MAX LINDER – The Film’s First Comedian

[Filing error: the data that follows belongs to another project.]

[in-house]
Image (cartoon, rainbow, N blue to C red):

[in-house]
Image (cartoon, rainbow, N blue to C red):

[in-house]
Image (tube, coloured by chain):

MAX LINDER, the first screen funster, was born in Bordeaux, France, in 1883. At 12 years of age he was sent to an art school to learn sketching. After two years he told his parents it was not his calling and they sent him to a musical school. He decided this also was not his career and asked his parents to train him for the stage. Although the elder Linders were actors they flatly refused. Max pretended to attend the musical conservatory but instead registered in a conservatory to learn the art of acting. In one year he won first price for his work, confessed to his parents and they permitted him to go on the stage. He first appeared at the age of 19 in the Classic theatre, Bordeaux, in plays by Moliere and other French playwrights. Later he went to Paris where he played in the Ambigu, Regina and Varieties theatres. He played in “Romanesque,” “Cyrano de Bergerac,” and other dramas by Rostand and later in variety. At the same time he was working for Pathe in motion pictures. When 27 years old he quit the stage altogether for pictures, playing only with Pathe. The Cinema Max Linder, the theatre named after him, now is being rebuilt in the heart of Paris on the Boulevard Poissoniere. He entered the army as a volunteer when the war broke out and for some time was an automobile scout, using his own machine, under the special direction of General Gallieni. After his automobile was blown up by a shell, he enlisted in the artillery service. In the battle of the Aisne he was shot through the lung just above the heart. When recovered he joined the aeroplane service, but his lungs could not stand the change of air in rising to the necessary heights. He was honorably discharged. (Photoplay, Feb. 1917)